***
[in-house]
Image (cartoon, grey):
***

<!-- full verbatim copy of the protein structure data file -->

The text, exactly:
[in-house]
Image (cartoon, grey):